Stay at home superheroes

Laura Williams, of L J Business Consultancy Ltd, discusses how to navigate the new working from home routine and why now, more than ever, SBLs are proving their superhero status

2020 has been tumultuous for all of us. Many of us have undergone radical changes to our regular working patterns. Times of the day, days of the week and ‘holidays’ have morphed into one big blur, with little structure; seven-day weeks have become the norm for too many. Lots of us have had to work from home full time, or at least split our time between home and school.

We’ve also had to adjust to additional demands and competing priorities whilst, at the same time, trying to maintain some resemblance of work/life balance. Let’s just say it’s been a steep learning curve!

Though a ‘full’ return in September is currently what we’re working towards, I know some SBLs are continuing to work from home over the summer and are even planning to continue their flexible working patterns into the autumn term. Also, given the backlog of tasks that SBLs are facing, many are now taking more work home than they ever did previously. (There’s a reason I call SBLs superheroes!)

So, what have we learnt about working from home, and productivity, in the last five months that can help us prepare for the new academic year and potential ongoing changes to our working patterns?

Splitting work between home and school requires both planning and discipline 

If you split your working time between school and home, breaking down tasks for both office-based and home-based work can keep you from spinning out. If you know when you go to the office it’s going to be crazy, focus on the important, day-to-day tasks and priorities. If you know that when you go to the office you’ll get some peace and quiet, allocate as much of that time as you can to more in-depth and strategic tasks. It’s all about matching your workload to your capacity and your environment.

Also, if you have papers and files that you need at home, don’t leave them out; file them away out of sight, under the stairs or in the spare room. This will help you to create a physical barrier between work time and family time. Just take out what you need for each task – this will help you to manage both your workspace and your mindset.

A different work routine means different rules

A key point to remember is that you don’t have to recreate your workplace routine in order to be effective – your usual workplace routine may not actually be the optimal one for you. Comparing the hours that you are on-site, and your level of productivity at home, is not a simple, like-for-like equation. I often find that two hours working at home is more productive than four hours sitting behind a desk in an office. 

Some days will run more smoothly than others and, sometimes, compromises might need to be made either to work (based on the needs of your family) or to family time (based on the demands at work). Know that, though things won’t always go to plan as circumstances change and challenges come up, there’s always tomorrow, so don’t beat yourself up.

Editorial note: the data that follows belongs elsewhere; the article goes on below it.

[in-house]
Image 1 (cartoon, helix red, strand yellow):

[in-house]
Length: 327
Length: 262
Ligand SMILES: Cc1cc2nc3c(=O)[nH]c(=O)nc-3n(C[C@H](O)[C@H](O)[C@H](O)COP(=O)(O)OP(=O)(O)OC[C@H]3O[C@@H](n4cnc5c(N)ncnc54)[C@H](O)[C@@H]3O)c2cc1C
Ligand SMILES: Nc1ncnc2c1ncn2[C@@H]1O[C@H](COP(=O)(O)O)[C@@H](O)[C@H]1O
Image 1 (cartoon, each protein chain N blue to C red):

Managing distractions at home can often be harder than at work

Even those of us who choose to work from home can struggle initially; the difficulty in being ‘dressed for work’ and at your desk on time, the distractions from your partner, the fridge and the endless lure of the kettle… these are all genuine issues that are faced by those who work from home.

If you’re front and centre when it comes to your family during the day, then it might be that answering calls and e-mails is all that you can realistically get done during ‘normal work hours’ – and that’s ok! Work out what times are your most productive, and quietest, for different types of work and run with these.

If you’re struggling to find long periods of time where you’re uninterrupted, try working in time blocks instead – look at where you can block out an hour or two rather than aiming for four or five – which can often be unrealistic in a full house – and set a timer to help you keep moving.

Keeping track of everything – especially when you don’t have all the information you need to hand – can drive you to distraction

Don’t let it! The thing is, we don’t know what we don’t know. Not me, not you – not anybody! But we continue to have so many questions. The unknown makes us anxious, and the lack of control we have over this situation makes it even worse. By focusing on we do know, and what we can control, we can find a way to manage and support ourselves, our staff and each other. 

  • To keep focused, ask yourself: What do you know? What can you do? What do you still need to know? Who can help you figure it out? When can a decision be taken? Whose decision is it?

I know it’s really overwhelming, looking at your to-do list, what’s happening, what should be happening, thinking about what normally happens, etc. and feeling like you’re going out of your mind because nothing is as it should be. In many areas, there are simply too many variables to be able to make decisions in the way that we used to.

Working through, and documenting, your plans and strategies using this questioning process can help you feel more prepared – including and acknowledging the things we just don’t know yet. 

But here’s one thing I do know; you’re all doing an amazing job. No matter how hard it’s been, or how ridiculous some of the things you’ve had to do have been, you show up each and every day to do what’s right for your students, your staff and your communities. 

Whatever happens over the summer, in September and beyond – you can do this. After all, you’re a SBL superhero! 


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